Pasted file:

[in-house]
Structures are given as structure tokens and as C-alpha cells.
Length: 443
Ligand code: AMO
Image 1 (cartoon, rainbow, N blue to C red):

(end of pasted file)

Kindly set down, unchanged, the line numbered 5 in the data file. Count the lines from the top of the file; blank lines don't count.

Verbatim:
Image 1 (cartoon, rainbow, N blue to C red):